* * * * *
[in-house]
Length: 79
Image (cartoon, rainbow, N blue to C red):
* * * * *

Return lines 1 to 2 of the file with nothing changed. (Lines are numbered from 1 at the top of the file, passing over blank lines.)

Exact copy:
[in-house]
Length: 79